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Investigations related to Urological Problems


Routine Urine examination
 This is often the first investigation in majority of Pediatric Urological disorders. Freshly voided urine is examined under microscope for any signs of infection (bacteria, pus cells), bleeding (red blood cells), Crystals (stones) or casts (nephritis). Also a chemical analysis is done to see any protein loss, pH (acidic or alkaline), specific gravity (concentrated or thin urine) and any sugar in urine. 
Urine culture
This involves storing the urine in special containers to look for any growth of bacteria. This investigation is done where we suspect urinary infection. It takes 2-3 days for the report to be ready. It tells us which bacteria are present in the urine and which antibiotic should be used against it to fight infection. As such it avoids wastage of antibiotics and an effective and targeted therapy can be provided. 
Blood tests
Serum Creatinine: Creatinine is a by-product of muscle breakdown which occurs at a small rate daily commensurate with the muscle mass and regeneration. Creatinine is normally excreted by the kidney and so the blood or serum levels remain low. Increased Serum Creatinine signifies loss of kidney function. But it is only a rough indicator of overall kidney function as levels rise only after a substantial amount of functioning kidney tissue is lost. Also, the levels vary with age and height, so these should be taken into account.
Blood urea
urea is breakdown product of proteins and is normally excreted in urine. Its values rise with falling renal function. It is less specific when compared to serum Creatinine.
These are chemicals dissolved in blood and body fluids which ensure normal functioning of the body. These are Sodium, Potassium and Calcium. Their values may change in kids with renal disease and so these may also be studied.
Arterial blood gas analysis
This is highly specialized test which measures the amount of acids, oxygen and carbon dioxide in the blood. This is only ordered for those patients who are very sick and who have some form of renal failure.
Complete Blood Counts
This is test routinely performed before surgery to look for the overall well being of the child, to rule out active infection and also to see for any anemia.
This is often the first investigation for most of the Pediatric Urological disorders. We get information about how the kidney looks and if there is any swelling, pus collection, stones or other problems. It also gives information about bladder wall thickening and ureters. 
 X-ray KUB
This is a plain x-ray taken on empty stomach and after the child has passed stools in the morning. We generally prescribe some laxative at night before the x-ray to ensure that the child empties the bowels in the morning. This type of X-ray is primarily done if there is any doubt about calculi/ stones.
Intravenous pyelogram (IVP)
 In this test, a medicine is given by injection to the baby and it is filtered by kidney. As a result kidneys, ureters and bladder can be very well seen on a series of x-rays. Till about 15 years back, IVP was the mainstay of all urological investigations. Nowadays with the availability of Nuclear Renal Scans, IVP is not required in most of the Pediatric Urological disorders except in certain special circumstances like double ureters, ectopic ureters or stones.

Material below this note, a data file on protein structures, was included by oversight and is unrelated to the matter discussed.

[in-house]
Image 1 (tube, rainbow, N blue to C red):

Renal scans
These are nuclear imaging studies and are very safe and accurate for Pediatric Urological disorders. There are further 3 types of these:
Diuretic Renal scans: These are primarily done to rule out obstruction at Pelvi-ureteric or Vesico-ureteric junction in a child with hydronephrosis. Additionally, information about the function of each kidney can be gathered. There are 3 agents which can be used for a diuretic renal scan- DTPA or MAG3 or LLEC. All three are good but LLEC is supposed to be the best as the image quality is the best. 
This scan is done to ascertain whether the kidney is involved in urinary infection or done to look for any scarring of the kidney post infections. This test also gives a very precise idea about the relative kidney function on either side.
Direct radionuclide cystogram (DRCG)
This test is done to diagnose Vesico-ureteral reflux (VUR) in a child. 
Micturating Cystourethrogram (MCU) or Voiding Cystourethrogram (VCUG)
In this test a medicine is put into the bladder via a thin catheter and the child is asked to pass urine on the x-ray table while the x-rays are taken. This test is the gold standard for diagnosing Vesico-ureteric reflux (VUR). This test has to be done by an experienced Pediatric Urologist otherwise the results may not be valid. There are also chances of infection so after the test a mild antibiotic is given for 3-5 days.
Cystoscopy means looking inside the bladder with a thin telescope. This is required for ruling out obstructions in urethra, stones and also for performing special x-ray of the kidney and ureter - called Retrograde Pyelogram. It may be combined with surgery to confirm the diagnosis and plan the procedure under same anesthesia. Cystoscopy is also done to place or remove a DJ stent. A DJ stent is plastic tube placed in ureter in cases of obstructions, stones etc. It helps in healing of the ureter post surgery. 
MRI Scan
MRI scan of the spine may be required in cases where the nerve supply of the bladder is clinically suspected to be at fault. 
CT scan
CT scan of the kidneys and urinary system is recommended children with renal injuries and sometimes also in children with renal stones.

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